The cocoa supplier said it is seeing positive results from its work with the CFI, highlighted in its Annual CFI Progress Report.
It said progress achieved with the CFI over the last year regarding the aim to end deforestation in the cocoa supply chain includes the distribution and plant forest and fruit trees in Cote d’Ivoire and Ghana.
“We have trained farmers in agronomy and agroforestry to help them improve yields through their existing land. And we have supported farming communities through skills training, child labour monitoring and remediation, and Village Loan and Savings Associations,” the OFI said.
A recent report by the UN Convention on Biological Diversity found the rate of forest loss from 2018 to 2019 in Cote d’Ivoire and Ghana has halved.
But the OFI warns: “Never has the need for action been more pressing. The impact of climate change and biodiversity loss is becoming ever clearer in every aspect of our lives. There is still much more to do and, in this year of climate action, now is the moment to build on our progress in reversing forest loss and degradation in the cocoa supply chain.”
The company said it has continued to support community engagement and social inclusion projects that aim to economically empower members of cocoa farming communities.
Regarding the COVID-19 pandemic, the OFI said it helped farming communities to respond to the threat by donating over 55,000 face masks and over 13,000 bottles of hand sanitiser across Ghana and Cote d’Ivoire, constructing over 2,000 washing stations, and distributing vital public health information.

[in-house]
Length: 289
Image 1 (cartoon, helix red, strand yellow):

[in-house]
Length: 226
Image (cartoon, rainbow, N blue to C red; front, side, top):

Its Village Savings and Loan Associations (VSLAs), which give women access to funding to start their own microbusinesses and diversify their families’ income, has seen 5,794 women benefit across 43 cocoa growing communities.
“In Ghana, we recently trained 50 women from cocoa growing communities in Twifo Praso on how to produce and market products like soap, shower gel and hand sanitiser. Not only will this help to improve access to hygiene products and help to limit the spread of Covid-19, but it will also give the women an additional source of income to help them provide for their families,” the OFI said in its report.
To combat the issues of child labour and ensure children of cocoa farmers have access to education, the OFI said it has been working with customers, partners, farmer groups and communities to deliver tailored programmes that put children first.
“A vital piece of the puzzle has been achieving child labour monitoring in all our managed programmes. With training and the help of a smartphone, community leads now collect detailed social data on communities and individual farming households, helping us to identify children at risk and tailor our interventions based on the issues identified,” it claimed.
Writing in a blog to go with the release of the CFI report, Andrew Brooks, Head of Cocoa Sustainability, said: “To create a sustainable future for cocoa, forests are vital. Not only do they help to improve biodiversity and mitigate against climate change, they also help to improve cocoa yields and raise farmer incomes. By improving tree cover on their farms, cocoa farmers can increase the yields and life expectancy of their cocoa trees, as well as generate additional income from more diverse crops.”